Dual controlled in wall outlet (not a plug-in)


(kristina Bristow) #1

I am looking for dual controlled in wall outlets. All I can find are some that are no longer available (i bought 5 when i got them) that work with Ewelink, and a lot of 1 controlled/1 always on. I do not want the always on for ALL my outlets. I actually use these in my kids room so that they can’t watch tv late at night or so when grounded I can ‘cut’ power to tvs/game systems and such. As such I dont want to have them just ‘swap’ outlets when it’s off. I also want to be able to control multiple devices in my kitchen and such. I don’t want to add a lot of bulky ‘add on’ devices either.

I don’t care if they are dual controlled together or independently controller either. I have searched a lot but don’t want to commit a lot of money into a bunch of different hubs to make something work in our house.


#2

Are you in the US or the UK? Device selection does vary by region.

In the US, Inovelli does have a plug in zwave pocket socket with two separately controllable smart socket. I don’t know if they’re intending to make a version as an in wall receptacle, though. @Eric_Inovelli May be able to say more.

https://products.z-wavealliance.org/products/2385

GE has a similar zwave module, 28177

Most of the Z wave in wall micros cannot handle the load required by code for US in wall outlet. They are intended only to control lighting, typically with a maximum of 10 A where US code requires plug-in outlets they have up to 15 A at least.

There is a zigbee in wall micro from SmartenIT , the ZBLC15 , but unfortunately Smartthings does not officially support the zigbee commands required to make dual independent control work.

All three of these would require custom code, they don’t work out of the box with SmartThings because of the multi channel aspect.

I personally use the ConnectSense plug-in, which I really like, but it works with HomeKit, not smartthings.

https://www.connectsense.com/smart-outlet


(MarkTr) #3

If you aren’t already using ST, Insteon makes a plug like that - I was planning on doing this before I settled on SmartThings. https://www.insteon.com/on-off-outlet/


#4

@MarkTr Brings up a good point. This forum is for people who are using the Samsung smartthings home automation platform, so all of the answers that you get will be in that context and assume that you have a smartthings hub. Because it’s a very active forum, it tends to come up near the top of Google searches for home automation topics, but it is specific to that particular hub. So it may not be what you were looking for.


(kristina Bristow) #5

I am wanting to use the smart things hub. I just don’t want to set it up if there isn’t a way to do what i want. I also don’t want multiple hubs running my house.


#6

Are you in the US?


(kristina Bristow) #7

Yes. I am in the US.Though i do actually have some 220 UK outlets in my kitchen.


#8

US 220v outlets , Typically for large appliances, are wired differently then the 230 V systems in the UK. UK systems use ring mains, deliver the same 13A amperage to each outlet, and assume that there is a fuse built into every appliance cord. None of that applies to a US residential system. You just mean regular US 220 V outlets, correct?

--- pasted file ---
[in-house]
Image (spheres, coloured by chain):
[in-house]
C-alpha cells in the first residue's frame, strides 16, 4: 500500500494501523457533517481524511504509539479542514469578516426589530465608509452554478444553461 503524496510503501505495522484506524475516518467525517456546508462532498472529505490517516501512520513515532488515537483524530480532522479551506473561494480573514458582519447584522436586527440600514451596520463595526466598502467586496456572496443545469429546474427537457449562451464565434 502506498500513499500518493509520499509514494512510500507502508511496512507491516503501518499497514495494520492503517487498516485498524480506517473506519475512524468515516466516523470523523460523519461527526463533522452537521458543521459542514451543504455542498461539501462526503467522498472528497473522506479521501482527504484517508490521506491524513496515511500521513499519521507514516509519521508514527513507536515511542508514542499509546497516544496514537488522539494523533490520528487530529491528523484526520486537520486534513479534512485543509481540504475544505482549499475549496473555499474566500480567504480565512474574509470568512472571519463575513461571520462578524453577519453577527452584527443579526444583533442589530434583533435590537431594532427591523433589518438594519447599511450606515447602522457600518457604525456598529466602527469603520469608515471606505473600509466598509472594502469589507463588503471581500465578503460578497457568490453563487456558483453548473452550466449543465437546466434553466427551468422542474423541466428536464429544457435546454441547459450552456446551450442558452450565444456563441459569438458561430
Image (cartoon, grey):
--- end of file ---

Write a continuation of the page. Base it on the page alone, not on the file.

(kristina Bristow) #9

We split the kitchen to have UK 220v outlets. They are on their own breaker. I use them for European appliances.


#10

Sounds like an interesting project!

For UK wired sockets, you can use lightwave RF generation 2 with the free IFTTT service to interface with a number of other home automation systems, including smart things. That does mean that the Internet has to be working in order for the integration to work as it is cloud to cloud. But I have no idea if they would meet local safety codes as they are intended for UK use. And they are not available in a regular US style.

https://lightwaverf.com/power/11482355796

So that wouldn’t be relevant to most people, but in your unusual set up it’s just something to be aware of.


#11

To go back to your original question…

I’m assuming you don’t want one of the plug-in modules because the kids could just remove it and then plug the entertainment devices into the wall socket…

So the short answer is there isn’t anything that works easily with smartthings in the US at the present time that can control both receptacles in an in wall outlet.

There are some dual zwave micros, but they don’t meet US specs for an outlet as they typically only support up to 10 A and US code almost everywhere requires at least 15A for an outlet. So they can work well for a light switch, but not the in wall receptacle.

Zigbee in wall dual micro from smartenIT that I mentioned might work with SmartThings, as it did at one time, but there have been a lot of changes since then and I don’t know of anyone currently using it. It’s a bit risky as the platform itself is changing and I’m not sure if it will be supported in the future. So you could look at that one with its own hub. But that has a limited set of devices.

As far as other platforms, as mentioned above Insteon makes a model that would work, but that would require their hub.

There are several HomeKit models now available with the features you’re looking for. You don’t need a special hub for those, but you do need either one Apple TV or one iPad or one HomePod so you can set up the automations. If you already use Apple devices, this can be a good choice, but if you only have android phones and tablets then it’s probably not worth it.

There are some ewelink Wi-Fi outlets at Amazon that work with Alexa, so you should be able to find at least one. Many of those are Chinese and do not have US safety certifications, though, so I personally wouldn’t use them for in wall receptacles. But that’s obviously an individual choice.

Sorry not to be more help. Most people with a smartthings hub just use the plug-in modules, but I understand that doesn’t match your requirements.